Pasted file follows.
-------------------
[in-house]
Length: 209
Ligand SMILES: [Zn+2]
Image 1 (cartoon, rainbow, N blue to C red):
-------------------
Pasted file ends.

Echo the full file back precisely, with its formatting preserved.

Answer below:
[in-house]
Length: 209
Ligand SMILES: [Zn+2]
Image 1 (cartoon, rainbow, N blue to C red):